Monday, November 09, 2009

Regarding a Rule for Life

Here's a few things to be mindful about when considering on a rule for life:

A rule of life is different for everybody. No two individuals will have exactly the same rule of life. We have a lot of latitude in a personal rule of life. A rule of life should be diverse, reflecting the needs and spiritual aspirations of the person.

We are have been called “heavenward in Christ Jesus.” As we said last week, spiritual growth is for all of us. God desires that each of us in engaged in the process of becoming transformed into the image of Christ.

We all have the same goal,
and though there will be many similarities,
each of our journey’s toward Christlikeness is unique.

Thomas à Kempis writes,
“All cannot use the same kind of spiritual exercises,
but one suits this person, and another that.
Different devotions are suited also to the seasons [of life]....”

A rule of life should take into account your personal circumstances at this point in your life. A personal rule of life can change with the seasons in your life.

Marjorie Thompson in her book, Soul Feast, says,

“Whatever your circumstances, it is always possible to include some form of spiritual discipline in your daily priorities.

If you want to become and remain physically healthily, you eat sensibly and exercise regularly. If you want to become spiritually healthily and remain replenished, you practice spiritual disciplines regularly.”

Be careful not to become legalistic about your rule of life. If it becomes a legalistic way of earning points with God, it should be scrapped.

"Our primary task is not to calculate how many verses of Scripture we read or how many minutes we spend in prayer. Our task is to use these activities to create opportunities for God to work. Then what happens is up to him. We just put up sails: "The wind blows where it chooses..." (Ortberg, 51-52)

John Ortberg in his book, “The Life You’ve Always Wanted,” says this about our attitude toward spiritual formation,

“But God’s primary assessment of our lives is not going to be measured by the number of journal entries…. The real issue is what kind of people we are becoming. Practices such as reading Scripture and praying are important – not because they prove how spiritual we are – but because God can use them to lead us into life.” (Ortberg, 39)

Barton suggests that, once we have developed a rhythm of spiritual practices, that we should have a great deal of flexibility. This is not a once and for all time decision. A rule of life needs to be realistic in light of the stage or season of our life. We should avoid being rigid and legalistic.

This is a rhythm not a law.

Remember, the Spiritual disciplines are a means to an end; they are not the end.

The definition of spiritual transformation is the process of being changed into the likeness of Christ for the sake of others . . . that is the end.

Don’t try to take on too much at once. The 5 Minute Room Rescue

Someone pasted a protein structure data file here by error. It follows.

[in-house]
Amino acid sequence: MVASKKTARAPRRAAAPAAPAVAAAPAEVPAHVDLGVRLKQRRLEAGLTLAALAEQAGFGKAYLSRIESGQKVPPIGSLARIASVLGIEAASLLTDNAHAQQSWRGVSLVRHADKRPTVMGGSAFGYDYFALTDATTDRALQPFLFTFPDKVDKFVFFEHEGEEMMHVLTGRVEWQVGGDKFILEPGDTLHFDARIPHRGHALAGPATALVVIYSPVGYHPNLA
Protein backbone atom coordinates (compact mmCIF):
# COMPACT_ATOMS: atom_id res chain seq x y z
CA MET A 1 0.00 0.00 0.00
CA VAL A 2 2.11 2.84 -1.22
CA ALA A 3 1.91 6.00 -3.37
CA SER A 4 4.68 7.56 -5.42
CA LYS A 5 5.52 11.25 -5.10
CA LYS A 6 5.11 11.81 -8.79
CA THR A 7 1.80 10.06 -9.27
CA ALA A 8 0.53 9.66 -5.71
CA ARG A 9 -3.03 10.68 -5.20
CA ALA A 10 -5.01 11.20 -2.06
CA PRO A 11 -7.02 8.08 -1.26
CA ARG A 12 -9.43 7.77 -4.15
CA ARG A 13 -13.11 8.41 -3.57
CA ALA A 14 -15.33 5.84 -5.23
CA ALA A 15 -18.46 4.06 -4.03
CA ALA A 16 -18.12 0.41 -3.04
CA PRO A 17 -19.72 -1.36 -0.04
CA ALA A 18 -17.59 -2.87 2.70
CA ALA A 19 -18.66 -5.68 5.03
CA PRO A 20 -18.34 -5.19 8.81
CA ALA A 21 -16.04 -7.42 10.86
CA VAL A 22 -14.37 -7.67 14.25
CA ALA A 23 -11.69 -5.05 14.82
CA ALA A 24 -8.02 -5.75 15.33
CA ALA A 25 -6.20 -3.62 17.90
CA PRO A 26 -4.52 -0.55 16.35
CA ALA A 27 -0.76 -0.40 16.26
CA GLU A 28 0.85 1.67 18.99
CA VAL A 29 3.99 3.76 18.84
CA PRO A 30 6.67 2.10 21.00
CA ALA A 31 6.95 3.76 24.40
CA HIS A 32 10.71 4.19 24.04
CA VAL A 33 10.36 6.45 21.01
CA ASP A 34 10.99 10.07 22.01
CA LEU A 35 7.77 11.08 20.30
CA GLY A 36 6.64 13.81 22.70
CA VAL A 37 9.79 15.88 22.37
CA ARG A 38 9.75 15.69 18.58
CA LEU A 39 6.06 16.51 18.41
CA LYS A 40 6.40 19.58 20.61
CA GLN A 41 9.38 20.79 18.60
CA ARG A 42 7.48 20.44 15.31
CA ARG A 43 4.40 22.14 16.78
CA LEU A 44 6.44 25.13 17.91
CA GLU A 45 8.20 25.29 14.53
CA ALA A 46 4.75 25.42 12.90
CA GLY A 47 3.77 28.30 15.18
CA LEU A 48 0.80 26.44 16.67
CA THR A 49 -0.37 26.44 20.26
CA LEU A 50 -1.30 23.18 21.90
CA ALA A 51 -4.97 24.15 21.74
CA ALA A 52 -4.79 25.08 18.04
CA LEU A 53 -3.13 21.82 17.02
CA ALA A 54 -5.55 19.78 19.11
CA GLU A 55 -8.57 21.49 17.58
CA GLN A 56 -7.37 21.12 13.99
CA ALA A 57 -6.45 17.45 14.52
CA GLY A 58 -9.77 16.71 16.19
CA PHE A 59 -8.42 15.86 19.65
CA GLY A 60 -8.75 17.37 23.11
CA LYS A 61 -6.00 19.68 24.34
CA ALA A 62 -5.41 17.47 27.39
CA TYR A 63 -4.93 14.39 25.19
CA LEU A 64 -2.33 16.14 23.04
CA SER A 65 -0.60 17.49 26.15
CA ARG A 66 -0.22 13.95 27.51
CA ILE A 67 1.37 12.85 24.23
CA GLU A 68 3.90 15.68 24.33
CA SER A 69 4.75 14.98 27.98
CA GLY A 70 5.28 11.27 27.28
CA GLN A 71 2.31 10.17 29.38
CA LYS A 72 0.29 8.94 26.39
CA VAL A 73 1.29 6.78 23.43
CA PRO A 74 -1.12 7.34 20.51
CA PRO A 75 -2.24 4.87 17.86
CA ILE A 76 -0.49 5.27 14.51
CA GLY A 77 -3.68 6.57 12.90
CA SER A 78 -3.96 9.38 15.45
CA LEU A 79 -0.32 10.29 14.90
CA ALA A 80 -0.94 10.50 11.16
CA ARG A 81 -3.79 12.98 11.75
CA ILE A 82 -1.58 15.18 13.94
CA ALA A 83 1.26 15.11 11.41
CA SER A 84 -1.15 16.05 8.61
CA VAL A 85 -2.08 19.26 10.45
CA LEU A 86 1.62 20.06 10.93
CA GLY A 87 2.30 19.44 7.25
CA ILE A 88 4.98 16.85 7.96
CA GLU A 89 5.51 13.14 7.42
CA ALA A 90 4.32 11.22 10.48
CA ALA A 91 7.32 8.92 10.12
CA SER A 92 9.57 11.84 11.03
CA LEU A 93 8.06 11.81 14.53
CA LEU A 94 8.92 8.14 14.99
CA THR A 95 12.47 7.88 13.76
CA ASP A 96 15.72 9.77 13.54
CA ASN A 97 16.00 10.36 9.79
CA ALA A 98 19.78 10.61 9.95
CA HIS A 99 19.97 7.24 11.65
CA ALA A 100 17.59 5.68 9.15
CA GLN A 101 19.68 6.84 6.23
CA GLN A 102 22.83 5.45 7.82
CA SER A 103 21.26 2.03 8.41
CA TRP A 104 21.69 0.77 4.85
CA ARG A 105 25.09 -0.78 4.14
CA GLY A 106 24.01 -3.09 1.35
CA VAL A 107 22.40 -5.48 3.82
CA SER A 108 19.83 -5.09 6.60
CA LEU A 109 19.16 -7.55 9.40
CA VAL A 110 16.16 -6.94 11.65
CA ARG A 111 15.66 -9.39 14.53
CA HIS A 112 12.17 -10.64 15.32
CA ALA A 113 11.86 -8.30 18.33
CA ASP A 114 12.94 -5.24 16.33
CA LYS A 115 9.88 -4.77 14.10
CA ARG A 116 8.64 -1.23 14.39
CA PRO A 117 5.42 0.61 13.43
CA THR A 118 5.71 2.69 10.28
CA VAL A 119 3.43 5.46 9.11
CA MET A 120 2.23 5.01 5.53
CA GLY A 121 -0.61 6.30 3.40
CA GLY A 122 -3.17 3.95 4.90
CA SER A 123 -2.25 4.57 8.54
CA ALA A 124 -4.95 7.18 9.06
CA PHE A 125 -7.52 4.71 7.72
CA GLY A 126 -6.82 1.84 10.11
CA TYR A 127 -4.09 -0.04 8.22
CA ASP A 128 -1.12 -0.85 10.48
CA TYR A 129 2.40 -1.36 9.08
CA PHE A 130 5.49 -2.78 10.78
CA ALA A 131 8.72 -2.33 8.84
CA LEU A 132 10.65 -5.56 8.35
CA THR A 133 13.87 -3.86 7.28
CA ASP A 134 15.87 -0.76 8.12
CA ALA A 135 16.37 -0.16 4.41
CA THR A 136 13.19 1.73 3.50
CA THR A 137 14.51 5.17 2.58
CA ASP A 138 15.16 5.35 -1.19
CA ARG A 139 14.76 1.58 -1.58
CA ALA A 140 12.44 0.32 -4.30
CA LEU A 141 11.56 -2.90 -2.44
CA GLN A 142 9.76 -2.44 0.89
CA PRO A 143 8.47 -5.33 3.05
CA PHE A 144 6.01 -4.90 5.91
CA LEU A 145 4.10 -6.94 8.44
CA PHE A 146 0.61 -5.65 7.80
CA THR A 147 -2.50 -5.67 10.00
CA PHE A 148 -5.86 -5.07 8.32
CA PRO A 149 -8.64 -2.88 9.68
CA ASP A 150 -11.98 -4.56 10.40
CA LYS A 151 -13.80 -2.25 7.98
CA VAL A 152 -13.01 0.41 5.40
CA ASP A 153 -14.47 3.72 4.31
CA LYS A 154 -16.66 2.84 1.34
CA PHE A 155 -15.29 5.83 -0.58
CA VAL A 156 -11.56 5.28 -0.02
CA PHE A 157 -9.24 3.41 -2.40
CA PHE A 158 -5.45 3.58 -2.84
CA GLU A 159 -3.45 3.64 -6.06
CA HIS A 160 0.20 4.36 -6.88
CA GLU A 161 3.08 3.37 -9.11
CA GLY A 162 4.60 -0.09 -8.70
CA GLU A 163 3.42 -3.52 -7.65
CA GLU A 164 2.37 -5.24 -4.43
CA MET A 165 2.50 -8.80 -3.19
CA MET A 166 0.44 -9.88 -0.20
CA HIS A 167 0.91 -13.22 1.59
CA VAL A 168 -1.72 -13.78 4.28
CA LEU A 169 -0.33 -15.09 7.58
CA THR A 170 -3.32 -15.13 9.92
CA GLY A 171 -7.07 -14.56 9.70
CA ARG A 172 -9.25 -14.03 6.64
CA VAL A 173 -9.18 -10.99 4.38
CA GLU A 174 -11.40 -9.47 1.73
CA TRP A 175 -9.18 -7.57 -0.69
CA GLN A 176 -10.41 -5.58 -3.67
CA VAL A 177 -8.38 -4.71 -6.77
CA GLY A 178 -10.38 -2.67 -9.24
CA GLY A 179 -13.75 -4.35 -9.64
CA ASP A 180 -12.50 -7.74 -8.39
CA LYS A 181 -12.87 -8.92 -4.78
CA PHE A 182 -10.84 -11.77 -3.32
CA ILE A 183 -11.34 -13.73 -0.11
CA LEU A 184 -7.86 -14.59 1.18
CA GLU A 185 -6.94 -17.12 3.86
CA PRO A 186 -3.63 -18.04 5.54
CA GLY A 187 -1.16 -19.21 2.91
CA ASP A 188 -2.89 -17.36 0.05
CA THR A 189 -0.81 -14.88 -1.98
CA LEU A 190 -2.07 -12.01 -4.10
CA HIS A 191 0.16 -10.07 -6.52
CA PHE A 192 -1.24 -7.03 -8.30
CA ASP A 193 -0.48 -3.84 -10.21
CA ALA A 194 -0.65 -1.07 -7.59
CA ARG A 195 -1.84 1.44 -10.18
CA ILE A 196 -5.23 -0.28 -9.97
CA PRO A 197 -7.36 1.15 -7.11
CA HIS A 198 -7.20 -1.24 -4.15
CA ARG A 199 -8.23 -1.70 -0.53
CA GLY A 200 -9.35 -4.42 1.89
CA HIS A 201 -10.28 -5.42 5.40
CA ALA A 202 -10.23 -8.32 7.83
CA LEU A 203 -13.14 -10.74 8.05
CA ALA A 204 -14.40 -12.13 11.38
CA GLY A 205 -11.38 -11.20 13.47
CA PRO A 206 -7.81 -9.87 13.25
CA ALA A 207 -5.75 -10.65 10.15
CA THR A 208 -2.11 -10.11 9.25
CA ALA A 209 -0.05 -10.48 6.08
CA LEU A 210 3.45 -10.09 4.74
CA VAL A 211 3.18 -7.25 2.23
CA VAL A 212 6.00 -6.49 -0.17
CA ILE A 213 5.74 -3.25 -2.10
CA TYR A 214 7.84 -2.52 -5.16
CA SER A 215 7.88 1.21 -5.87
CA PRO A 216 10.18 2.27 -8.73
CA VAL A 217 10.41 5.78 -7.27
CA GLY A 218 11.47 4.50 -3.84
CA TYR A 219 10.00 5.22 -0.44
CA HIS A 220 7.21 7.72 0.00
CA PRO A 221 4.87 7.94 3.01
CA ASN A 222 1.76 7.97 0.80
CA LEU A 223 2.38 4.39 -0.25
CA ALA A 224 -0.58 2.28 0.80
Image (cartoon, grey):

To spend just 5 minutes clearing a path in your worst room. You know this area of your home: the place you would never allow anyone to see. Just 5 minutes a day for the next 27 days and you will have a place that you can be proud to take anyone!

5-Minute Soul Rescue: There's a principle we can learn from Fly Lady here as it relates to our spiritual growth. Many, often set out to do too much, too long, too fast, only to end up discouraged and disheartened. Small, practical, doable steps are the best first steps, regardless of the venture (engaging Scripture, prayer, serving, etc).

If the rule of life contains too much, albeit good stuff, it can soon turn into drudgery and we won’t follow it.

The question is: What can I realistically commit to? This is about honoring personal limitations. It is better to commit to a single practice and stick with it than to take on five and quit altogether because you cannot keep up.

Barton also suggests that an effective rhythm of spiritual practices will be balanced; a balance of disciplines that come easy to us and disciplines that stretch us.

Don’t be afraid to experiment with your rule or rhythm. It can easily be changed and revised, but it shouldn’t be subject to whims. Give yourself time to settle into your rule of life so that it has time to shape your life.

“If you are weary of some sleepy form of devotion,
probably God is as weary of it as you are.”

~Frank Laubach

Resources and Further Reading:

Adele Ahlberg Calhoun, Spiritual Disciplines Handbook: Practices That Transform Us Ruth Haley Barton, Sacred Rhythms: Arranging Our Lives for Spiritual TransformationMarjorie J. Thompson, Soul Feast: An Invitation to the Christian Spiritual LifeJohn Ortberg, The Life You’ve Always Wanted: Spiritual Disciplines for Ordinary PeopleDallas Willard, The Spirit of the Disciplines: Understanding How God Changes LivesCelebration of Discipline: The Path of Spiritual Growth – Richard Foster

No comments: